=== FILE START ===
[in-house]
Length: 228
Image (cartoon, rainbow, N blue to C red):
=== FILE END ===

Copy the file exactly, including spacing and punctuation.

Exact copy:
[in-house]
Length: 228
Image (cartoon, rainbow, N blue to C red):